Peter Brown

How Died:House Bombed
Incident Date:22/12/1940
Incident Address.8 Livingstone St, Chorlton on Medlock
Died Address:8 Livingstone St, Chorlton on Medlock
Grave Details:K/27
Grave Photo:Yes - Headstone
Cemetery or Memorial:Manchester (Southern) Cemetery
Town Memorial:Not Listed
Extra Information:
CWGC - Private, Royal Army Service Corps - No.
T/62040.    Home on leave.

Charles Morton, residing at Ottawa, Canada (2015)
states that the following members of his family
were killed at 8 Livingstone Street,
Chorlton-on-Medlock during the first night of the
Manchester Christmas Blitz 1940.

His maternal Grandmother - Isabella Wright
His Father - Charles Morton
Isabella's Cousin - Andrew Jackson
Her Son in Law - Private Peter Brown RASC who was
home on leave.

All buried together in the one grave.  M.I. "In
the mid'st of life we are in death".

Charles has written a document about his
experiences that night which he has kindly sent
me.  I have extracted the following from

"My father did his regular guard duty over the
petrol pumps of a local car dealer as a member of
the Home Guard of the Home Guard.  My eldest
sister Doris left each evening to do a shift as an
ambulance driver at the local Civil Defence depot,
while my other sister Belle, who, as a member of
The Auxiliary Territorial Service (the women's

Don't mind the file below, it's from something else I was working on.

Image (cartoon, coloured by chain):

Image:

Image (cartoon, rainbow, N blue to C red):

army) was home from her unit on a weekend pass. 

It was decided that it would be prudent to move to
our shelter on the cellar steps.  Sitting on
folded blankets and cushions we took our places in
random order.  On the bottom steps, Peter Brown
sat with his wife - Mary beside him, I was a
couple of steps higher.  Above me, Belle shared a
step with Mum, while Nan and Uncle Andrew were
near the top and Dad just inside the entrance. 

The initial stages of the raid involved the
dropping of flares, followed by thousands of small
incendiary bombs, interspersed with the occasional
high explosive bomb, mostly over the city centre. 
As the raid wore on, the number and calibre of the
high explosives were gradually increased until the
night seemed like one continuous explosion.

Around 9.00 pm there was something of a lull
between the wave of enemy planes and I was allowed
to go upstairs to get warm.  By switching off the
light and opening the blackout curtain, I could
see the glow of central Manchester burning.

On hearing the now familiar drone of more
approaching aircraft and the guns greeting them,
we all retired to the cellar steps once more and
listened to sounds of the raid, some distant,
others close. On a narrow ledge in the brickwork
on the walls of the cellar steps four candles
flickered; giving an unreal picture of the eight
people huddled there.  Suddenly, one immediately
after the other, there were two earth shaking
noises, not explosions but rather like a deep
rumble going through the house, followed by the
sound of falling masonry and furniture.  After a
few minutes Dad went into the living room and
looked at the damage.  The fireplace had been